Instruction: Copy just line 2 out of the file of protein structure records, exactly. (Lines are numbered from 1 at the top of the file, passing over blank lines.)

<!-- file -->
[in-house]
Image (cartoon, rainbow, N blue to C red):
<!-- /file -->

Image (cartoon, rainbow, N blue to C red):